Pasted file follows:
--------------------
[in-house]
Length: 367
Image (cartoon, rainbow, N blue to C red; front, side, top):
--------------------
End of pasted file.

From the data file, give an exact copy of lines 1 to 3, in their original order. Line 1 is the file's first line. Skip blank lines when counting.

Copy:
[in-house]
Length: 367
Image (cartoon, rainbow, N blue to C red; front, side, top):